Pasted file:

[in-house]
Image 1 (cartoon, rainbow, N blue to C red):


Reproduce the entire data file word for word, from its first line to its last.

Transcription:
[in-house]
Image 1 (cartoon, rainbow, N blue to C red):